Please join us for an upcoming event, Ramble Bahamas, May 7, 2018, 11am-12pm (Miami Time). Presenters: Dr. Tracey Thompson and Jessica Dawson, University of The Bahamas Click here to participate in the online event: https://ufl.zoom.us/j/8927374603 About the Presentation:
2017 marked the fiftieth anniversary of a watershed in Bahamian political life: the advent of majority rule. So as to pay tribute to that anniversary in an appealing and enduring way, “From Dat Time”: The Oral & Public History Institute of the University of The Bahamas (“FDT”) launched an ambitious venture in the field of digital humanities. The “FDT” team, guided by the Institute’s mandate to develop curricular and recreational materials in a variety of media, committed itself to fashioning a digital heritage trail through which Bahamian students could retrace important steps in the Bahamian political story. The team went further: it envisioned building a platform that could serve as a publication engine for all research undertaken by the Institute. Such a platform, so the team judged, would augment limited scholarly publication in the field of Bahamian political history. It would widen access to historical literature among students and educators located throughout the far-flung Bahamian archipelago. It would draw on the Institute’s strength as a vehicle devoted to collecting and preserving oral narratives of community elders, many of whom had played significant roles in social, educational, and political transformations in the mid-1900s. It would press into service a media archive consisting of rare photos and film from the 1960s and 1970s – images long hidden from public view. The result of the team’s investment was Ramble Bahamas. Utilizing the Omeka content management system and the Curatescape framework, Ramble Bahamas presents geographically-tagged exhibits about historically significant places and objects in The Bahamas. Each exhibit is comprised of a narrative outlining the importance of the location or object, relevant historic and contemporary images, and oral history audio or video clips in which informed narrators speak of events associated with the location or object. Since its launch in November 2016, Ramble Bahamas has been introduced to students at the University of The Bahamas and to high school teachers of History and Geography. Plans are under way to integrate the platform into national curricula in History so as to advance the nation-building mandate of the university. About the Speakers: Tracey Thompson, PhD: As Director of “From Dat Time”: The Oral & Public History Institute of the University of The Bahamas, Tracey Thompson oversees the research programme and administrative processes of the institute. Tracey has been involved in research, teaching, and administration at the University of The Bahamas for more than twenty-five years. Her research foci lie principally in African and African Diaspora History, in Philosophy of History, in Oral History, and in Public History. Jessica Dawson, MA: In her capacity as Public History Fellow in Research & Technology for “From Dat Time”: The Oral & Public History Institute of the University of The Bahamas, Jessica Dawson acted as webmaster and curator for Ramble Bahamas. Prior to this, she taught tertiary courses in the field of cultural anthropology and worked in historic preservation. She holds a B.A. in Anthropology from Washington State University and an M.A. in American Studies & Public History from Youngstown State University. About the Caribbean Scholarship in the Digital Age Webinar Series:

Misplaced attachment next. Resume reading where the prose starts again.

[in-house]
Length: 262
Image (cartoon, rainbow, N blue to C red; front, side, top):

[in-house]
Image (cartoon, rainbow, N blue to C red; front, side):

The Digital Library of the Caribbean (dLOC), in partnership with the Center for Latin American Studies at the University of Florida, Association of Caribbean University, Research and Institutional Libraries (ACURIL), the Graduate School of Information Sciences and Technologies of the University of Puerto Rico, the Latin American and Caribbean Cultural Heritage Archives roundtable (LACCHA)of the Society of American Archivists (SAA), and the Seminar on the Acquisition of Latin American Library Materials (SALALM), has organized a series of online events, Caribbean Scholarship in the Digital Age, a webinar series showcasing digital and/as public research and teaching in Caribbean Studies. The series provides a collaborative space for professionals to share on projects and experiences to foster communication and support our shared constellations of communities of practice.
Webinars in the 2018 series are: